Keep calm and collaborate: Engage with others to solve problems


As an executive coach, I see how many leaders tell their employees what the goals are and expect them to meet them in the way they deem as “right” in the timing they want. While they often tell me they don’t micro-manage the details on how their employees get to the results, they will admit they jump in when it seems as though the timing is not unfolding as they hoped, or their employees are not approaching the situations the way they would’ve done it.

Leasership-shutterstock_161785739-wehrleyWhile they do not see this as micro-managing, they are operating from an unconscious fear, masked in the big ego, who jumps in to take control and “save the day.” This produces a fear-based little ego mindset in their employees that makes them eventually believe they are not good enough to contribute.

It is very difficult to create success from these mindsets, so let’s explore them in contrast to the leader who leads with ego strength and intuitive knowing:

Leadership mindsets:

  1. Leading with our big ego: Driving results for success
    When we operate from our big ego, we believe: “If it’s meant to be, it’s up to me!” As a result of our belief that we are responsible for the outcome and have all the right answers, we lead the drive to results in the way we deem as best. When things don’t unfold as we believe they ought to, in the timing we deem as “right,” we begin to push hard to control the outcome. We begin to tell people what to do, and our EGO begins to Edge the Group Out, as we take more control. Our big EGO does not see any other way to deal with our unconscious anxiety regarding achieving results. We feel righteous in taking control, as we judge others as “inadequate.” What we do not realize is we did not adequately collaborate over the goals, problem statement at hand, strategies, and timeline before execution of the plan. While we judge them as having a competency issue, it is really our lack of a collaborative approach that is the problem.
  1. Leading with our little ego: Suppressing our impact
    As the old saying goes: “Nobody can make us feel a certain way without our permission!” Those who operate from their little EGO tend to Edge their Greatest self Out by giving their power and voice away to those with stronger opinions or more authority. Instead of taking a passive stance when approached by authority with a strong direction, ask, “How might we engage all stakeholders in solving this problem before we take action, so WE can explore all possibilities before we execute?” Be sure to ask this collaborative problem-solving question and contribute ideas as well, no matter what your position.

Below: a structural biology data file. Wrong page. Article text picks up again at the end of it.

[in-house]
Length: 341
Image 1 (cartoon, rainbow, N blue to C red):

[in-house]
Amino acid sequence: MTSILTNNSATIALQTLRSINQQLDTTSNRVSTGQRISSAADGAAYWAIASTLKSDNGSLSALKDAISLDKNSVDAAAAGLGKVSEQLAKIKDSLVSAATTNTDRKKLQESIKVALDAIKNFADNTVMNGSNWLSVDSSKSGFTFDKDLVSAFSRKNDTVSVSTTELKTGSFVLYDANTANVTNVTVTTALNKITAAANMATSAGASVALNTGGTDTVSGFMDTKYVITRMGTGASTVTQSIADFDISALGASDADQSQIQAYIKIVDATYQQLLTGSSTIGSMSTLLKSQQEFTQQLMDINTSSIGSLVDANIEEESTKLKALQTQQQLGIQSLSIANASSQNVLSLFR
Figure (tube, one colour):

1. Leading with ego strength and intuitive knowing: Engaging others for solutions and buy-in
    When we lead with our ego strength and intuitive knowing, we are able to consciously feel our anxiety and slow down to engage others. We understand that our anxiety is simply telling us something needs to change. When we express our concern in a problem statement to the stakeholders in the form of a collaborative question like, “How might we solve x?” we engage others in a mindful awareness of the concern and an ownership in discovering solutions to address the problem at hand. When others are engaged early on in the awareness, and contribute in the solution process, not only do you yield the best ideas, but you also get the buy-in needed to carry the ideas through to reach success. It takes ego strength to face the truth and believe the collective intelligence of the group has the intuitive knowing to find the best solution.

One may think, “Why don’t most people operate from their ego strength and intuitive knowing?” The answer is simple: Anxiety makes us believe we do not have time to slow down and breathe, yet solve the problem with others. While it may not be a true emergency at hand, our lizard brain believes a big roaring lion just entered our cave and we better hurry up and kill it. Leaders with strong executive skills have learned the tricks to surpass this impulsive urge to purge into the situation like a crazy hunter with a machine gun ready to fire off at the enemy at hand.

 Challenge: To improve your ego strength and intuitive knowing, remember: Practice makes perfect! Next time your anxiety makes you believe a roaring lion just entered your cave, just breathe, step back, and see that it is likely just a mouse with a microphone. Now, realize you have time to create a problem-solving statement and engage others in the solution. Trusting the collective consciousness of all will yield the right solution to lead you to success!

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Susan K. Wehrley is an executive coach and business consultant that aligns executives and businesses to their vision, values and goals. She is also a regular contributor to Forbes. You can email Susan at, (262) 696-6856 or visit her website for more details.

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